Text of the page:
Green Design

Financial District, Green Design, Landscape Architecture

battery playscape, the battery, nyc parks

The “bluffs” zone includes five granite slides and boulder scrambles; renderings courtesy of BKSK Architects & Starr Whitehouse Landscape Architects and Planners

As the threat of climate change grows, parks in New York City are working to become more resilient. Officials on Thursday broke ground on an $18.3 million waterfront playground at the Battery in the Financial District. The Battery Playscape, as it’s being called, is expected to be one of the city’s largest sustainable parks. It will triple the size of the current playground and will feature a rainwater runoff system and a wide variety of durable plants.

See the design

Architecture, Green Design, Nolita

butterfly sanctuary, monarch sanctuary, terreform one, nolita, 23 cleveland place, architecture

Renderings courtesy of Terreform ONE, Mitchell Joachim, PhD

Architecture and urban design research group Terreform ONE has offered a proposal for a 12-story commercial building in the works across from Petrosino Square in Nolita that goes beyond any of the city’s existing architectural curveballs, angles, and anomalies. The non-profit group has revealed plans to create an eight-story-high monarch butterfly sanctuary, or “Lepidoptera terrarium,” that would serve as the building’s façade and line its atrium.

More sanctuary in the city, this way

Featured Story

apartment living 101, Features, Green Design, Shop, Top Stories

The 10 best plants for apartment dwellers

By Rebecca Paul, Tue, February 25, 2020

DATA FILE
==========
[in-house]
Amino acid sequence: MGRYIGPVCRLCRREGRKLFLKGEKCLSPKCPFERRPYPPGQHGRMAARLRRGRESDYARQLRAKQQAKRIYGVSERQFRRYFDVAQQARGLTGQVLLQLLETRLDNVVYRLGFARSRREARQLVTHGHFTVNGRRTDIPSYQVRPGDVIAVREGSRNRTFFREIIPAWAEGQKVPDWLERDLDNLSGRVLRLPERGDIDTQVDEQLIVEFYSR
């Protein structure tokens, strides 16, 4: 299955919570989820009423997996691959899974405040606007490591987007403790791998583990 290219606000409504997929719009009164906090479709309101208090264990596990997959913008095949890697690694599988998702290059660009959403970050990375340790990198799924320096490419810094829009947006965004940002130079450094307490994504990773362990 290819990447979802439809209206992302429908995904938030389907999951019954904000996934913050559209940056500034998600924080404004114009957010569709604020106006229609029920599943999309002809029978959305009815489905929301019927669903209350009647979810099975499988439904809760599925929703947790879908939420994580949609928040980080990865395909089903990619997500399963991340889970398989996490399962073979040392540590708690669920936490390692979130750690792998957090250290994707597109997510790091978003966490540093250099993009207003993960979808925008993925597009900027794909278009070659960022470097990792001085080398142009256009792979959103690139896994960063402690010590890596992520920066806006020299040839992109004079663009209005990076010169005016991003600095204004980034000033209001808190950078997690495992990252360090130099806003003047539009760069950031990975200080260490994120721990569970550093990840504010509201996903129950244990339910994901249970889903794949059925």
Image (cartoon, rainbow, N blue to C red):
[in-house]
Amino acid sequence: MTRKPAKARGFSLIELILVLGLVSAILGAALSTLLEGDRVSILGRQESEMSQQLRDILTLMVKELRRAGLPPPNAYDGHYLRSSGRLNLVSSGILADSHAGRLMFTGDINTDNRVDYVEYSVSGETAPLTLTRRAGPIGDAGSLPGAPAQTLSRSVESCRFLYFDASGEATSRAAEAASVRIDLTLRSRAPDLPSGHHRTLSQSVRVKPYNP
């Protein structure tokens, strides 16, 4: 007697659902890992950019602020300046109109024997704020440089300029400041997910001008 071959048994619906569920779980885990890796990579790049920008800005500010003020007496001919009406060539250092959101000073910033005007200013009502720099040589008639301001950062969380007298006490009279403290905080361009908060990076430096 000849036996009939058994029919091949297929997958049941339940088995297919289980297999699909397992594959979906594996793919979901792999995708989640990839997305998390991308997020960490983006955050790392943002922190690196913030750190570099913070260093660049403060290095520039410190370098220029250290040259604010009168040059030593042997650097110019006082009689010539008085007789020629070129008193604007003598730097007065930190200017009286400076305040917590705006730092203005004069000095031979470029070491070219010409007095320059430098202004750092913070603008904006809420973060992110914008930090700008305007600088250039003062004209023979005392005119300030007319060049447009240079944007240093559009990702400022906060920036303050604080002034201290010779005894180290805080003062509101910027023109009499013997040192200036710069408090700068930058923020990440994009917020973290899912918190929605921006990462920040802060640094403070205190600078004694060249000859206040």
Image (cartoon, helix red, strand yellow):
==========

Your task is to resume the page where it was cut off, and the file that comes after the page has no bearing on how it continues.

Photo by Brina Blum on Unsplash

From purifying the air to making your apartment feel more welcoming and alive, there are a multitude of reasons to incorporate plants into your home decor. However, for many of us, keeping these precious specimens alive can be a small but legitimate challenge—especially when space and natural sunlight is limited (like many apartments in New York City). To make the commitment to caring for and sustaining the life of greenery a bit easier, we’ve put together this list of special and very sturdy plants perfect for apartment dwellers like yourself.

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Art, Events, Green Design, Roosevelt Island

Figment, ENYA, SEAoNY, city of dreams pavilion, art, public art, design, roosevelt island, architecture, competition, design competition

Rendering courtesy of Murr Architekten

Arts organization FIGMENT, the Emerging New York Architects Committee (ENYA) of the American Institute of Architects New York Chapter (AIANY), and the Structural Engineers Association of New York (SEAoNY) have just announced the finalists in the 2020 City of Dreams Pavilion Design Competition. The competition is an annual program that invites designers to create a temporary architectural pavilion that is efficient and sustainable while considering the life cycle of the building materials used. This year’s pavilion will be in Lighthouse Park on Roosevelt Island.

See more of the winning entries

Green Design, Landscape Architecture, Policy, Technology

flooding, climate change, superstorm sandy, nyc weather

Flooded Battery Park Tunnel after Hurricane Sandy. Image: Timothy Krause via Flickr.

barrier wall proposed by the Army Corps of Engineers as one of several options being evaluated to shield the New York area from rare storms–which may well become less rare and more destructive with global warming–is the subject of a heated debate among planners and environmental experts. Supporters suggest that a barrier be constructed in the outer New York Harbor where it’s mostly hidden from view, saying it would go the farthest in protecting people, land and valuable landmarks along the waterfront from a storm surge. Others fear the idea is a short-sighted measure that doesn’t address major climate threats–and could even worsen matters by trapping sewage and toxins during flooding from high tides and storm runoff. President Donald Trump, however, remains the sole proponent of the mop-and-bucket approach, as the New York Daily News reports.